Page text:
Here is the tale of one ASHA worker, Reesa Maurya, who not only practiced proper sanitation in her own house but also enabled the entire village to construct toilets. Thanks to her intervention and awareness, 25 households in her village in UP have constructed toilets already. Read more.
There are many qualities that distinguish Reesa Maurya, a resident of Jagdishpur Gram Panchayat in Jaunpur district of Uttar Pradesh. She is a natural leader, a committed government healthcare provider and a crusader for the cause of sanitation in a state that, as per Census 2011, has shown a relatively low progress in terms of coverage – only 22 per cent households have access to a latrine. In this excerpt from Gender Issues in Water and Sanitation Programmes – Lessons from India, published by Sage Publication, read all about how the humble health worker transformed herself into a celebrated sanitation role model.
Jagdishpur Gram Panchayat (village) of block Karanjakala is in Jaunpur district of Uttar Pradesh, India. Situated on the main road to Jaunpur, this village had a population of 779 inhabitants in 2011. Most families are engaged in commercial agriculture, growing vegetables and selling them to the urban areas of Jaunpur and are living above poverty line. … Jagdishpur Gram Panchayat has an agrarian setup, and it was a general practice to use fields for defecation. No one thought of it as a problem.
Reesa Maurya, being educated, got the chance to work as an ASHA. As part of her work, she got a chance to come in contact with women and discuss health issues as well as social issues.
She realised that practically all the women faced the problem of going out in the field for defecation. For them it was next to hell, a sheer shameful act they had to perform every day. Ms Reesa got a chance to attend the WASH training programme, which was organised by the Panchayati Raj Department and UNICEF with the support of District Sanitation Committee of Jaunpur. This acted as a turning point for her. She came to know about TSC [Total Sanitation Campaign] and how the lack of sanitation affected the health of children.
‘During the two days of training on hygiene and sanitation, I got a good understanding of the negative impacts of open defecation that has disgusting consequences and creates an unhealthy environment and expenses for health treatment,’ expresses Ms Reesa.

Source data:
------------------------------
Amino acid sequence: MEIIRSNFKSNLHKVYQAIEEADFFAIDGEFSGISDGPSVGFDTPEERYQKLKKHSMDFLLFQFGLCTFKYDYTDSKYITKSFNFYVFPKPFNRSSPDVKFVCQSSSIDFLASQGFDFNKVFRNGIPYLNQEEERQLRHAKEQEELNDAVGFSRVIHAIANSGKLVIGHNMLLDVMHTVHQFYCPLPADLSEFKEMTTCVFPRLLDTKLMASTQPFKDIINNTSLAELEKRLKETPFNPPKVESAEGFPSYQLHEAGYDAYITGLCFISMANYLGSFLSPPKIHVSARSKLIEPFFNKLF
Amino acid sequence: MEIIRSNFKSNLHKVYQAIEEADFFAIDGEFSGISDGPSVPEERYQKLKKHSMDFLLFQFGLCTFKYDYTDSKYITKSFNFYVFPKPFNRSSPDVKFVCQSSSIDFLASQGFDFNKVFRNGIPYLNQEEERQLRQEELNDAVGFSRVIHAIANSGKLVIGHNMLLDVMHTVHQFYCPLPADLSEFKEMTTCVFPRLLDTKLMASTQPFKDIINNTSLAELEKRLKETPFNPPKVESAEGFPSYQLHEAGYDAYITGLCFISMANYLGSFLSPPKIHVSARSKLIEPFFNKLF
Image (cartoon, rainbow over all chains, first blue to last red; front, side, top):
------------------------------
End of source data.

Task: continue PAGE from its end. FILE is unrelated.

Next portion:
In the past, I did not know the consequences of defecating in open. It was simply my habit like other neighbours in my village and we were not educated on the importance of good hygiene and technicalities of latrine construction.
She made it a point that after the training she would construct a toilet at her home and she did exactly that. She motivated her husband and other family members to construct and use it. ‘I am very excited to have a latrine of my own,’ Ms Reesa said. ‘All my family members have started using the latrine. They drink safe water as well as clean the surroundings around the home.’
Elaborating on her work, Ms Reesa adds, ‘It is really a tremendous success for my family that at last we had built a hygienic latrine. It not only protects us from diseases but also enhances my family’s social dignity. Now I think how my life has changed with just a few pieces of information. I feel very proud to have saved my child from excreta and water-borne diseases.’
What she was doing at home, she wanted the villagers to follow. So, she started organising group meetings with the women delivering the message of sanitation and hygiene. Her efforts slowly gained momentum. The same villagers who used to laugh at her started respecting her, and she, who once thought of leaving ASHA, started enjoying the reputation of someone who is intelligent and whose views are respected.
Her effort has resulted in construction of latrines in at least 25 households, and she is now focusing on ensuring that the latrines whenever constructed are used.